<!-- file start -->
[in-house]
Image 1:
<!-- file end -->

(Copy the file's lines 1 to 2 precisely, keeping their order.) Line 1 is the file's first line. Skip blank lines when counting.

[in-house]
Image 1: